Branch dishonestly inflated its membership by adding hundreds of non-members to its register
Registered Organisations Commissioner v Australian Workers’ Union (No 2)  FCA 1148 External link (opens in new window)
What were the issues?
A branch of a registered organisation took payments from employers that it dishonestly used as membership fees to add hundreds of employees to its register of members (in many cases without the employees’ knowledge).
The branch did not remove over 1,000 members from its register who had not paid membership fees for more than three years.
Sections 230 and 172 of the Fair Work (Registered Organisations) Act 2009 (the RO Act) require organisations to maintain up-to-date and accurate records of their members. The organisation admitted it had breached these sections.
The Victorian Branch of the Australian Workers’ Union (AWU) artificially inflated its membership numbers by adding 851 non-members to its register. It did this for over five years by dishonestly using ‘company paid’ memberships.
The Branch added lists of employees from six employers or associations to its register of members. Those employees had not applied to join, and some were also added without the knowledge of the employer or association. The Branch hid the true nature of many of the transactions with fraudulent invoices for services that were often not provided. The Court described this as ‘apparently fraudulent endeavours’. The Branch received payments exceeding $500,000 from the six employers or associations which the Branch improperly treated as membership revenue.
The Branch intentionally did not tell the people involuntarily added to its membership register that they had been made members. Rather, the Branch deliberately excluded them from receiving correspondence. This meant that many of the members falsely added to the register never received a membership card and did not know that they were enrolled as members.
The AWU admitted that the Branch had failed to keep an accurate and up-to-date register of members as was required by the RO Act.
The AWU also admitted that the Branch had failed to remove from its register the names of an additional 1,022 people who had not paid any membership fees to the AWU in over three years. The RO Act requires organisations remove from their register, within 12 months, the names of any members who have been unfinancial for the previous two years.
What can organisations learn from this?
Organisations must keep an accurate and up-to-date register of members and ensure they add to the register only the names of people who:
- have applied in writing and
- are entitled to join the organisation.
Since September 2017, there are corrupting benefits sections in the Fair Work Act 2009. Organisations must be aware of the risks associated with accepting payments from employers, which in some circumstances could give rise to civil or criminal penalties under the corrupting benefits provisions.
Organisations should have governance processes that ensure systemic oversight and accountability by senior office holders for the proper discharge of their management duties.
Organisations must also remove from their register, within 12 months, the names of members who have not paid their membership fees for the previous two years.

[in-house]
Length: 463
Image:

What did the judge say?
The Honourable Justice Snaden described (at ) the Branch’s conduct as ‘a serious departure from the important record-keeping standards’ with which all organisations are required to comply which:
… qualifies as more serious still in light of the apparently fraudulent documentation that the AWU supplied to many of the entities from which the “company paid” members (or “members”) were sourced and the communication protocols—more accurately, the non-communication protocols—that the evidence suggests were engaged in respect of at least some of those individuals.
In accepting the Commissioner’s claim that the conduct very significantly undermined the integrity of the AWU’s membership register, the Judge found (at ) that:
… the undermining of the AWU’s Membership Register was significant because it was effected over a long period of time and involved many hundreds of people.
In rejecting the AWU’s argument that it was the victim of misconduct by the former Victorian Branch Secretary, who it argued should bear the bulk of the Court’s disapproval, the Judge stated (at ):
The AWU cannot escape sanction for the manner in which it was mismanaged, nor have the sanction that might otherwise be appropriate reduced, simply by pointing out that it was somebody else who was charged with managing it... The absence of systemic oversight or accountability-that is to say, systems or processes that guard against incompetence or impropriety-warrant the imposition of penalties more severe than might otherwise apply in respect of the conduct of subordinate agents.
What was the outcome and the penalty?
Justice Snaden awarded a total penalty against the AWU of $148,100.00 for its breaches relating to the improper addition of 851 non-members to its register of members and its failures to remove 1,022 unfinancial members from the register.
In an earlier related decision, the Honourable Justice Mortimer had awarded a civil penalty of $20,950 against the AWU’s former Victorian Branch Secretary in respect of their involvement in the AWU’s conduct.
VID 583 of 2018
Date of final orders
12 August 2020